All municipal corporations should have MSW Management Departments alongside minimum technical and supervisory staff to ensure efficient MSW service delivery and strengthen ULBs to enter contracts. At their level:

  • Efforts should be made to educate the waste generators to minimize the waste and segregate the waste at source.
  • Informal and unorganized sector should be assimilated in this process and awareness amongst them should be created on proper waste collection and segregation methodology. They play an important role in SWM within the country.
  • Separate arrangements for collection, transportation of domestic, trade, institutional and market waste should be made to ensure that such waste is directly delivered at the waste processing facility meant for biodegradable and recyclable waste.
  • Improvements to be made to town planning. Suitable sites should be earmarked at local level for the development of sustainable waste treatment infrastructure.


  • Different technologies for treating different kinds of waste are available in the market. Applying all the possible technologies in an integrated way can help to reach the goals of sustainability. Therefore, open dumping and unsanitary landfilling are not sustainable options and cannot be recommended for treating waste.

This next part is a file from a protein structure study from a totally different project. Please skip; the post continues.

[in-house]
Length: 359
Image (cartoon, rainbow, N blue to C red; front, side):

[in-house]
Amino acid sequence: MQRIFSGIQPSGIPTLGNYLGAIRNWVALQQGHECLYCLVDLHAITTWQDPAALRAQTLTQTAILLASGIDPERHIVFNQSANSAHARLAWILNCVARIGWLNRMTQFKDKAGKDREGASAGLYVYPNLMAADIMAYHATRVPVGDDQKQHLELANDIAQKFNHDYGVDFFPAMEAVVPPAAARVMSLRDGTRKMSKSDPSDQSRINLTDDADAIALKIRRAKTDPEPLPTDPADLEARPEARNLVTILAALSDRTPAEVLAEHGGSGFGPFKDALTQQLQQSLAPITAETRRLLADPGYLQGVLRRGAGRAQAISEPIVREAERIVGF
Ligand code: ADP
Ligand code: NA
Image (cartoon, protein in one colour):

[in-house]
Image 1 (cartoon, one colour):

• Increase in quantum and complexity of waste with increase in population, economy of the country and fluctuations in crude prices have demanded serious consideration of biomethanation technology implementation, wherein high calorific value biogas generated can be used for electricity and/or as transportation fuel.

With proper MSW management facilities, the Government of India, other ministries and nodal agencies involved in this sector have the opportunity to improve the living condition of urban people, improve public health, conserve resources, mitigate GHG emissions and generate energy by adopting appropriate technology.

Also, rapid depletion of non-renewable energy resources and the threat of global climate change have forced the energy sector in India to look for alternative sources of energy to generate enough energy and preserve the environment at the same time. Unfortunately, the technology for utilization of green energy remains very expensive or unable to satisfy India’s need for energy, or both. There is, however, one alternative source of energy which has great potential when it comes to efficient power generation at acceptable cost – biogas.

Utilization of biogas for electricity and/or biomethane will bring in various other stakeholders into consideration and other challenges, an aspect not covered under this article.

For detailed data and references, please refer to the White Paper titled “Removing Barriers to Sustainable Municipal Solid Waste Management Using Anaerobic Digestion” available on link



Abhijit Rajguru, Clarke Energy

Alex Marshall, Clarke Energy

Surbhi Mathur, UK India Business Council